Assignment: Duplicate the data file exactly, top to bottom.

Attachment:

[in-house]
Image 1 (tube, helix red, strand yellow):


[in-house]
Image 1 (tube, helix red, strand yellow):